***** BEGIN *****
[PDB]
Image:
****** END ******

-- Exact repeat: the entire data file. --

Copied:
[PDB]
Image: